This case, downstream of the closest position between the photosensitive drum and the developing sleeve in the developing zone with respect to the peripheral movement direction of the developing sleeve, the intensity of the electric field by the oscillating bias voltage gradually decreases so that the reciprocal motion of the toner becomes weak. On the developing sleeve, the toner receives the mirror force to the sleeve due to the electric charge of the toner and the Van Der Vaals force between the toner and the sleeve, and on the photosensitive drum, the toner receives the mirror force to the photosensitive drum and the Van Der Vaals force between the photosensitive drum and the toner. When the toner urging force by the oscillating bias voltage becomes smaller than these forces, the toner is deposited on the photosensitive drum or the sleeve. If the peak-to-peak voltage Vpp is increased to enhance the reciprocal motion of the toner between the photosensitive drum and the developing sleeve, the toner does not stay either on the photosensitive drum or the sleeve with the result that the toner is more easily scattered, and therefore, the toner contaminates the inside of the image forming apparatus or the transfer sheet.

If the toner flowability is increased in order to improve the development performance, while maintaining the predetermined level of the peak-to-peak voltage Vpp, the toner particles do not move together in the developing zone. Rather they reciprocate independently from each other to a certain extent, with the result of an increased tendency of toner scattering. For this reason, it is desirable that the toner flowability be lowered from the standpoint of preventing toner scattering.

However, with the reduction of toner flowability, development performance also decreases. When a highly fine image, particularly such an image in a color image formation, is desired, good faithfulness of reproduction and good fine line reproduction are desired. They are closely related with the toner flowability such that the lower flowability means lower qualities of the halftone and fine line reproductions.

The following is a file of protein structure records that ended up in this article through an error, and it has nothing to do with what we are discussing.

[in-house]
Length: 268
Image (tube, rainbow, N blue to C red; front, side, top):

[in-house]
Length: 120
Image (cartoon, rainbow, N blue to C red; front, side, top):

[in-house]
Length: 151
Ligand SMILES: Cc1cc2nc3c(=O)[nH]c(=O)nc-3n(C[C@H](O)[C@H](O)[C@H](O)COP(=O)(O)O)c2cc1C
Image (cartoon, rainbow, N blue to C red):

This embodiment of the present invention is intended to prevent toner scattering while maintaining good developing performance including high image density, high reproductions of the halftone image and fine line image. To achieve this, the toner flowability index and the developing device are property selected.

First, the description will be made as to the developing bias used in this embodiment. In this embodiment, as shown in FIG. 4, the back-transfer bias for urging the toner from the photosensitive drum to the sleeve is suppressed, while maintaining a high transferring bias voltage for urging the toner from the developing sleeve to the photosensitive drum. In this manner, fine line reproduction and image density are improved.

More particularly, in FIG. 4, the developing sleeve is supplied with an oscillating voltage E having a frequency of 1300 Hz, for example. In FIG. 4, VL is a potential of the image portion of the latent image on the photosensitive drum; VD is a potential of the non-image portion of the latent image; V1 and V2 are the minimum and the maximum of the bias voltage E; Vdc is a time average of the oscillating bias voltage E, that is, an integration with time in one period (T1+T2), where T1 and T2 are application time periods of the minimum and maximum voltages of the oscillating voltage, respectively. In the specification, the voltage VDC will be simply called an average or integration of an oscillating bias voltage.